The Artist's Way: A Spritual Path to Higher Creativity by Julia Cameron
Amazon.com describes the book this way:
With the basic principle that creative expression is the natural direction of life, Julia Cameron and Mark Bryan lead you through a comprehensive twelve-week program to recover your creativity from a variety of blocks, including limiting beliefs, fear, self-sabotage, jealousy, guilt, addictions, and other inhibiting forces, replacing them with artistic confidence and productivity.
This book links creativity to spirituality by showing how to connect with the creative energies of the universe, and has, in the four years since its publication, spawned a remarkable number of support groups for artists dedicated to practicing the exercises it contains.
Review by John Erickson, October 2007:
The Artist's Way is essentially a collection of essays and exercises designed to help people discover or rediscover their creativity. It's mainly aimed at what it calls "blocked creatives," people who have a desire to create art, but are emotionally blocked from doing so. I don't exactly fit into this category, as I'm already active in art, and I avoided many of the pitfalls that can lead to a block, such as unsupportive parents (my parents were always very supportive of my artistic leanings), but I have on occasion been temporarily blocked, and there is a lot of accurate insight in this book into the minds of frustrated artists. The Artist's Way even helped me realize that I am blocked in other areas of my life (the author doesn't limit her discussion to the production of art, but rather also discusses "living creatively").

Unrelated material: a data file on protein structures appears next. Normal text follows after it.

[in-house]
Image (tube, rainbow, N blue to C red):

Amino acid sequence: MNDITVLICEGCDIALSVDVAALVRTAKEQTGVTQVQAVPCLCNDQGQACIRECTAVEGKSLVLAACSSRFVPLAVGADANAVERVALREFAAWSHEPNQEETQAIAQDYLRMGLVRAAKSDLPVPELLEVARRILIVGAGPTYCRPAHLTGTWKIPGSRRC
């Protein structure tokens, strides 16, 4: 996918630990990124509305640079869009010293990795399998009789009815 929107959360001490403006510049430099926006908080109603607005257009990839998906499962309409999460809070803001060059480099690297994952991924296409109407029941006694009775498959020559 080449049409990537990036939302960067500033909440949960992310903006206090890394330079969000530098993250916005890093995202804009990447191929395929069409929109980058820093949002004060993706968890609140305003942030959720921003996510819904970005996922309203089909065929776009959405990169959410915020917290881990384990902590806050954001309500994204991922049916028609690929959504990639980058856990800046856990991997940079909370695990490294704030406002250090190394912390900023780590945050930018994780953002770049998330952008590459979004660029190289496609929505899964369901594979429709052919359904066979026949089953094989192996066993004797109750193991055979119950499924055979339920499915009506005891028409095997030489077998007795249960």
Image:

I skipped over most of the exercises, because I didn't feel like I particularly needed them, but I did try a tool called "the morning pages." Basically, the morning pages are three pages of longhand writing that you do every morning, about anything and everything. Nobody else should be allowed to see them, and you shouldn't even read them yourself. The point is to clean out your mental clutter, to express the random thoughts that bump around in your head so that you can let them go and make room for more productive thinking. I did the morning pages for a couple weeks and was starting to notice a difference. My head was clearer and I had an easier time focusing on the things I wanted to do. But then I fell out of the habit. Writing this review now, I realize I ought to start doing the morning pages again.